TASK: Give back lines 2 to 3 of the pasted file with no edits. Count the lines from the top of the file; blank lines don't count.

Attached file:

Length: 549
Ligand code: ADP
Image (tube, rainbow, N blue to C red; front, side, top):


Ligand code: ADP
Image (tube, rainbow, N blue to C red; front, side, top):